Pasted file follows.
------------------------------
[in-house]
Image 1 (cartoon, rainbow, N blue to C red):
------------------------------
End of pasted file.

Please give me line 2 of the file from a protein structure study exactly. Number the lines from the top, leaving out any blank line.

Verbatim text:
Image 1 (cartoon, rainbow, N blue to C red):